Temptation and the virtues of long-term commitment: the governance of sovereign wealth fund investment

Gordon L. Clark, Eric R. W. Knight

Research output: Contribution to journalArticlepeer-review

3 Citations (Scopus)

Abstract

In this article we look at the governance of SWFs from the perspective of the competing political interests embedded in the sponsor-the domestic political claims on funds and the principles and practice of governance used to discipline those interests in favour of a long-term perspective that emphasizes the conservation of wealth and the intergenerational transfer of benefits. Using the case-study of the Australian SWF known as the Future Fund, we argue that SWFs can be used as legal instruments to promote the interests of future generations. In this way, it puts into action the principle of intergenerational equity which has been hereto notoriously difficult to substantively apply in international law. By invoking the intergenerational principle, we argue that the Australian government not only responded to the legal challenges of implementing intergenerational equity but also contributed to its currency as a customary norm.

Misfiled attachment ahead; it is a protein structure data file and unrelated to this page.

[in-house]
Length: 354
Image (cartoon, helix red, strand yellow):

Original languageEnglish
Pages (from-to)321-348
Number of pages28
JournalAsian Journal of International Law
Volume1
Issue number2
DOIs
Publication statusPublished - 14 Jun 2011
Externally publishedYes

Fingerprint

Dive into the research topics of 'Temptation and the virtues of long-term commitment: the governance of sovereign wealth fund investment'. Together they form a unique fingerprint.

Cite this